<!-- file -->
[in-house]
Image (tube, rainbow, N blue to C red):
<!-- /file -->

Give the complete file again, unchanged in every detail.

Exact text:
[in-house]
Image (tube, rainbow, N blue to C red):